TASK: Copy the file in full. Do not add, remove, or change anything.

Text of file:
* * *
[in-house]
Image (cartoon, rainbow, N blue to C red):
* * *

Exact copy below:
[in-house]
Image (cartoon, rainbow, N blue to C red):